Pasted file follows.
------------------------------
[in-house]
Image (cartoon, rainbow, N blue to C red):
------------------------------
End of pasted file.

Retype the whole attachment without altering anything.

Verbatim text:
[in-house]
Image (cartoon, rainbow, N blue to C red):